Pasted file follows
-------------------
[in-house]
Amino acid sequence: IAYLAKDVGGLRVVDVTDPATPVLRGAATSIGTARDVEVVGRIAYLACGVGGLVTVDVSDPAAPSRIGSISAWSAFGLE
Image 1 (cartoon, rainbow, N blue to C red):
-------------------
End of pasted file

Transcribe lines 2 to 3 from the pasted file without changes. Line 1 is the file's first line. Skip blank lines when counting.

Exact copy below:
Amino acid sequence: IAYLAKDVGGLRVVDVTDPATPVLRGAATSIGTARDVEVVGRIAYLACGVGGLVTVDVSDPAAPSRIGSISAWSAFGLE
Image 1 (cartoon, rainbow, N blue to C red):